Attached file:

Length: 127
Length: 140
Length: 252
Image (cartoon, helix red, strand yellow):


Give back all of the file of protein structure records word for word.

Length: 127
Length: 140
Length: 252
Image (cartoon, helix red, strand yellow):